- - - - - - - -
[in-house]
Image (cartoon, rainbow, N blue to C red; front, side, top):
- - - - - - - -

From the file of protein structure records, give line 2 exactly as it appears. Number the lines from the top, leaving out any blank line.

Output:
Image (cartoon, rainbow, N blue to C red; front, side, top):